Come in for a free demo class.

Using The Gym To Mentally Prepare For Competition.

One the biggest problems with young athletes today is that they don’t know how to completely focus all the time. You can also see it during their competitions. Athletes get out of place or don’t react fast enough because they didn’t see something or couldn’t see something because it was happening to fast for them. Here are three tips to use to increase an athlete’s focus!

Eliminate Technology In the Gym; Athletes and people are way too reliant on technology. When athletes lift, they should not be on their phones. It should not be used in between sets. They do not have cases to their phones during their competition, so don’t let them use a phone during training. When athletes are resting during sets, I teach them how to breath and give them a skill they can us on the field of competition. This is a learned skill set that can be practiced instead of being on a phone.

Quiz Them In States Of Exhaustion; This could be my favorite of all time. When I work with my Offensive Lineman, I often ask them question right when they finish working. They are tired and this is when their brains sometimes don’t want to work. I try and mimic this so that when they are tired they are used to thinking, and it’s not new to them. Something as simple as asking them what 8×7 is when they are huffing and puffing. It’s really simple yet so darn effective.

Simulate Game Situation In Group Training; Make your athletes work as a team when they train as a group. For example when doing the fictional training with hockey players I like to make one athlete of “off” and have one athlete run “on” to start and finish their set. This simulates a shift change. You can also do to with 5 players at a time if you are working as a big group. Something as simple as that will help them get used to stay mentally focused during their competition.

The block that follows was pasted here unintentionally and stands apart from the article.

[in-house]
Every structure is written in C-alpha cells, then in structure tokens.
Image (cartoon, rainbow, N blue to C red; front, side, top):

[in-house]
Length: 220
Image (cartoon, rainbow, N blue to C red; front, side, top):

Come in to SST Burlington to put these and more training tips into your training routine!

BCAA’s – what, why and how?

One of the newer supplements on the market making claims to improve cognition, decrease muscle breakdown, promote muscle protein synthesis and improve exercise performance is branched-chain amino-acids (BCAAs).

But… what are they? BCAAs are essential amino acids leucine, isoleucine, and valine (ones we cannot synthesize ourselves and must consume) that can be oxidized within our muscles, especially during exercise. These amino acids are the most important amino acids for muscle protein synthesis, as leucine itself is a direct stimulator of muscle protein synthesis independent of exercise and it is important to make sure we are getting adequate amounts in our diet before considering supplementation.

While most of the research into BCAAs has been done in rodents, some interesting data has recently surfaced regarding their effect on exercise in humans. Mainly the ingestion of BCAAs before, during or after exercise has been shown to increase intracellular and arterial levels, and to prevent muscle protein breakdown, where some studies have even demonstrated less delayed-onset-muscle-soreness (DOMS) following exercise. BCAAs are also an important fuel for our muscle cells during exercise, and since levels decline with exercise, it makes sense to use them as a supplement during and/or after workouts.